Scripted by the Irish-born director himself, Begin Again is centred on Dan Mulligan (Ruffalo); a down-on-his-luck record label exec and self-described “selfish, depressed pr*ck” who’s just been fired from the very same company he helped build. His drinking problems, brought on by the bitter divorce from his wife, Miriam (Keener), and a strained relationship with his estranged teenage daughter, Violet (Steinfeld), doesn’t help his situation much and Dan – who is growing more cynical by the minute – is in desperate need of salvation.
His luck soon turns for the better when he meets Greta (Knightley); a British singer-songwriter who reluctantly agrees to play one of her songs during an open-mic night. Immediately taken by her performance – a soulful Norah Jones-like guitar solo – Dan soon begins to create his own music by visualising the instruments surrounding her playing on their own and very quickly decides to offer the Brit a chance to record an album together.
Greta, who is getting over her breakup with her rock-star boyfriend, David Kohl (Levine) – a self-centred musician who is slowly beginning to climb the ladder of success – was scheduled to fly out of New York the very same day. However, she too is taken by Dan’s enthusiasm and agrees to stay behind.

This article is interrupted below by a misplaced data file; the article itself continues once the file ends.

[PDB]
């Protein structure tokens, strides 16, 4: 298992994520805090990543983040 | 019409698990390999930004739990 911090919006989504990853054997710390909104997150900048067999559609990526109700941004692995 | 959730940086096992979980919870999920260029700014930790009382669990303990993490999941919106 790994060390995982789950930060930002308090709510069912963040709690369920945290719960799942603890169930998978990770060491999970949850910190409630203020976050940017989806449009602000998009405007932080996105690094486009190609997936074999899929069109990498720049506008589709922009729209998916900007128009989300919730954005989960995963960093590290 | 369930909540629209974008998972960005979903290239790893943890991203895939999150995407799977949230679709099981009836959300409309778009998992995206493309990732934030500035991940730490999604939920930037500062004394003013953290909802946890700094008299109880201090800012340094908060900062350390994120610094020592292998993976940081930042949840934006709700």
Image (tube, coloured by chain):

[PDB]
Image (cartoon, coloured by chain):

As previously demonstrated in his magnificently unassuming Once, John Carney once again allows the story to flow naturally; fluid and full of grace, Begin Again never feels forced. Some of the film’s best moments are the quiet ones, where no words or dialogue is needed. Naturally, the music is one of the film’s major components and, although the songs tend to feel a little sappy in the beginning the playlist of indie-folk and pop tunes slowly begin to grow on you as the minutes go by.
The performances delivered by the two leads are incredibly sincere and organic and for those doubting Knightley’s singing abilities will be delighted to learn that the young actress handles her task well. The chemistry shared between her and the deliciously neurotic Ruffalo is easy, off-beat and, most of all, engaging, while Levine should probably take a few extra acting lessons before deciding to make another big-screen appearance.
There is a sense of vagueness and general unpredictability that follows the story from beginning to end and that’s probably why Begin Again works. Modest, grounded and incredibly uplifting, it’s one of the year’s best feel-good film.